• Registry Files: Registry Files are records, which document the creation of immigrant arrival records for persons who entered the United States prior to July 1, 1924, and for whom no arrival record could later be found.
  • Visa Files: Visa Files are original arrival records of immigrants admitted for permanent residence under provisions of the Immigration Act of 1924.[1]
Requesting a Record[edit | edit source]

Virginia Colonial Records Project at the Library of Virginia[edit | edit source]

The Virginia Colonial Records Project at the Library of Virginia can help Americans trace their European immigrant origins. Scholars visited United Kingdom and other European archives searching for references to colonial-era Virginians. Their 14,704 records survey reports contain half a million names of persons and ships which are searchable at the Library's web site. They also microfilmed about two-thirds of the records they located. The 963 reels of microfilm are held at the Library of Virginia and are available for interlibrary loan. The Library's About the Virginia Colonial Records Project provides more information.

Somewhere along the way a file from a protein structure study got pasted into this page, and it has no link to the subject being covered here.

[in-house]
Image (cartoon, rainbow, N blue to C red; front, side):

Virtual Jamestown[edit | edit source]

The Virtual Jamestown Archive is a digital research, teaching and learning project that explores the legacies of the Jamestown settlement and "the Virginia experiment."

Germanna Foundation Library[edit | edit source]

Finding Town of Origin[edit | edit source]

Records in the countries emigrated from are kept on the local level. You must first identify the name of the town where your ancestors lived to access those records. If you do not yet know the name of the town of your ancestor's birth, there are well-known strategies for a thorough hunt for it.

Background[edit | edit source]

  • The original European settlers came in the early 17th century from the midland and southern counties of England.[2] They first settled in Virginia's tidewater (coastal plain).